Complacency is briefly mentioned in the Sixteenth Chapter of Bhagavad-gétä as being one of the demoniac qualities. While Prabhupäda was still manifest (and could be consulted), many of his leaders became complacent in relation to not only their (seemingly) assured statuses, but also in relation to the direction of the movement. Even early on, they were running the movement in ways that best suited them, over-confident that, as long as their center or zone was conducting the approved rituals, making new members, and distributing lots and lots of books, everything was just fine. However, such an overconfident, arrogant, and careless attitude, however well-disguised and harbored internally, would eventually spawn negative repercussions.
What about the eight commissioners who convened the unauthorized meeting in early 1972? We have discussed this event in our writings, and, in Part Eight, we shall mention it again in more detail. Was what they resolved at that ad hoc get-together anything other than a complete concoction? That is a rhetorical question, of course. Those eight men thought that they had followed the letter of the law concerning quorum, but neither Prabhupäda nor the other four commissioners were even notified of that meeting.
As a result, without going into all the particulars (we shall do so, soon), His Divine Grace suspended the G.B.C., busted down all the commissioners to a status below that of the temple presidents, and moved all of the power to command (on his behalf) back to those ISKCON presidents. Yet the question remains: How could eight of his “best men” have had the audacity to convene such an assembly and come up with new and extreme resolutions and methods to run the Hare Kåñëa movement? The answer is not difficult to ascertain: They were all complacent, careless, and thus prone to concoction.
Then, there was the plainclothes “sankirtan” book distribution scheme of late 1973, which Çréla Prabhupäda resisted as best he could (but was finally overruled by his leading secretary in Los Angeles). It sacrificed the purity of the presentation in order to increase book totals and revenue flow. Çréla Prabhupäda finally was willing to allow it in a fettered way, but even that was overruled. It was instead balls-to-the-wall devotees out on the pick in complete disguise telling lies. Quite effective in terms of “results” short-term, but the concoction has shown its devastating effects over time.
The temple presidents, sannyäsés, and commissioners—at least, most of them—thus were awash in “laxmé” and “laxmé points,” but that simply increased their complacency and overconfidence. This was demonstrated by so many fall downs which eventually became known (and how many never became known?). Just as importantly, almost all of the rank and file devotees turned their attention away from becoming learned men in order to instead become grifters, advanced in telling lies (“for Kåñëa”), advanced in the change-up, and advanced in a capitalistic mentality of so-called transcendental competition. As but one indicator of where they were at, they would often receive business cards from salesmen coming through the airports, inviting them to give the man a call if the devotee's current employment, somehow or other, didn't work out.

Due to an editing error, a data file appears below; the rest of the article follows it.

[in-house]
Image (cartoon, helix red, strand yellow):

With so many unauthorized ideas becoming standard fare (especially out on the pick), the concoction faucet opened wide as time went on. The devotees in general were thus primed to accept anything and everything, because they no longer were accustomed to carefully transmitting knowledge to anyone else; they had instead become accustomed to taking away money from the vikarmés by hook or by crook. The leaders could easily remain complacent as they exploited this anti-spiritual, all-pervasive attitude in the movement. “Results” became the new criterion of legitimacy, and any concoction that produced those results was falsely deemed spiritually advanced.
Skipping ahead, we can now recognize the cataclysm caused by the zonal äcärya concoction, which was unauthorized, anti-spiritual, anti-devotional, and loaded with carelessness, complacency, and concoction. It appeared practically unstoppable in the late Seventies, but, by the mid-Eighties, it was completely rejected, replaced by a new collegiate concoction.
Do not think for a moment that position papers and books had no connection with any of this. In point of fact, there was always some kind of position paper, treatise, booklet, or book that was used to buttress whatever concoction was en vogue at any given time. During the height of the zonal äcärya era, for instance, it was T.K.G.'s Servant of the Servant, which stated that any devotee who did not accept the äcäryas of the zones was “on the precipice of spiritual disaster.” When that system itself was upended (cavalierly passed off as a “growing pain”), it was replaced by The Professor's collegiate concoction, and there was a position paper underpinning that proposal, as well.
Which brings us to 1989 and the publication of Sadä Pütä's Vedic Cosmography and Astronomy. It is mentioned in the very beginning of the book that it had been approved by The Scholar, who was still one of the leading secretaries of the Commission, despite the fact that few if any others on the G.B.C. had vetted this science book to any significant extent. Dr. Thompson's expertise was carelessly accepted as good enough, particularly since he was held in such high esteem by the Bhaktivedanta Institute, which was already going off the rails.
The book is loaded with concoctions, but, by this time, the movement was obviously not concerned about that. Notice, in the excerpt cited above, that Çréla Prabhupäda's standard for the length of the yojana is compromised by falsely claiming that a yojana can also be five miles long. Çréla Prabhupäda defines the length of the yojana as being eight miles in four places in his writings, and, in one other place, he defined it as being slightly longer than eight miles. Nowhere did he present the length of the yojana to be a mere five miles.